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Mathematics & Economics
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Foreign direct investment in Brazil, Russia and South Africa (Dissertation Sample)

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Writing a dissertation on the relationship between foreign direct investment and economic growth in three countries of the brics namely brazil, russia and south africa.

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FDI AND ECONOMIC GROWTH IN BRAZIL, RUSSIA AND SOUTH AFRICA
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Abstract
Worldwide foreign direct investment (FDI) influxes have favorably amplified over the last decade as a form of production capital in host countries, prompting more interest in FDI attraction to emerging and less developed economies. The upsurge of FDI by corporations has been associated with the rise in the amalgamation of nationwide economies.
The aim of this study is to discover the influence of FDI on economic growth in three BRICS countries namely, Brazil, Russia, and South Africa. The focus will be to illustrate the extent of FDI impact on three macroeconomic variables defined by inflation rate, trade activities (imports and exports), and lastly, gross domestic product (GDP) which are considered the main determinants of economic growth. First, the study explicitly seeks to understand the characterization of FDI and economic growth. Secondly, the paper examines the relationship between FDI and economic growth. Finally, the control of FDI in the Brazilian, Russian and South African economies is gauged by qualitative and quantitative measures.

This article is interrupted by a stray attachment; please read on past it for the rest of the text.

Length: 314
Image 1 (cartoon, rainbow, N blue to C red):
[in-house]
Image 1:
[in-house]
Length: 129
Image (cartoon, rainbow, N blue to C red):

The qualitative measures entailed analyzing the most recent literature on macroeconomic variables linked to economic growth in BRICS countries whose descriptive statistics can be found on reliable sources to represent economic growth in this study. Comparison trend analysis was used as the quantitative method using secondary data obtained from the reliable source, World Bank indicators on the World Bank website. The period under study was from 1992 to 2016.
The results showed the marginal influence of FDI influx on GDP of Brazil and Russia with no effect on the GDP of South Africa. For imports and exports, the high influence was confirmed on Brazil and Russia and again no effect on South Africa. FDI influx had no impact on all three country's inflation.
Introduction